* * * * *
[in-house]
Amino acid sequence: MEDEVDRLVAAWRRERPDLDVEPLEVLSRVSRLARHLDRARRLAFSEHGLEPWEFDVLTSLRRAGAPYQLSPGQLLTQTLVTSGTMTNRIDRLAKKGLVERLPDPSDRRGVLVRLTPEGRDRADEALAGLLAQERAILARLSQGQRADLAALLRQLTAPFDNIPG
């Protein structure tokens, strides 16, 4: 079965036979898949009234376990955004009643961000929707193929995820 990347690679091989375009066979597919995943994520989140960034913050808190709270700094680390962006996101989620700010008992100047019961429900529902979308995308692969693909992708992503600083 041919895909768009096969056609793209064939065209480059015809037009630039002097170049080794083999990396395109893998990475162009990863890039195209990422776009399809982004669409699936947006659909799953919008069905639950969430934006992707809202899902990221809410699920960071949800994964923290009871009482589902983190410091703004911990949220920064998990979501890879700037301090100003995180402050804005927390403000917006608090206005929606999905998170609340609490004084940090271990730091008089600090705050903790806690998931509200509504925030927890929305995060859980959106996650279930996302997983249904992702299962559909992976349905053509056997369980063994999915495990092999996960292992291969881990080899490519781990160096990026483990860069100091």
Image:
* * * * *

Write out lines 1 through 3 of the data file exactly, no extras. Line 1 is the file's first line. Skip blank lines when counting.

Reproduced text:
[in-house]
Amino acid sequence: MEDEVDRLVAAWRRERPDLDVEPLEVLSRVSRLARHLDRARRLAFSEHGLEPWEFDVLTSLRRAGAPYQLSPGQLLTQTLVTSGTMTNRIDRLAKKGLVERLPDPSDRRGVLVRLTPEGRDRADEALAGLLAQERAILARLSQGQRADLAALLRQLTAPFDNIPG
């Protein structure tokens, strides 16, 4: 079965036979898949009234376990955004009643961000929707193929995820 990347690679091989375009066979597919995943994520989140960034913050808190709270700094680390962006996101989620700010008992100047019961429900529902979308995308692969693909992708992503600083 041919895909768009096969056609793209064939065209480059015809037009630039002097170049080794083999990396395109893998990475162009990863890039195209990422776009399809982004669409699936947006659909799953919008069905639950969430934006992707809202899902990221809410699920960071949800994964923290009871009482589902983190410091703004911990949220920064998990979501890879700037301090100003995180402050804005927390403000917006608090206005929606999905998170609340609490004084940090271990730091008089600090705050903790806690998931509200509504925030927890929305995060859980959106996650279930996302997983249904992702299962559909992976349905053509056997369980063994999915495990092999996960292992291969881990080899490519781990160096990026483990860069100091």